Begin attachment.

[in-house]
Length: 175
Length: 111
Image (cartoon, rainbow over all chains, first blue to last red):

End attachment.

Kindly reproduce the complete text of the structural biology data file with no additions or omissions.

[in-house]
Length: 175
Length: 111
Image (cartoon, rainbow over all chains, first blue to last red):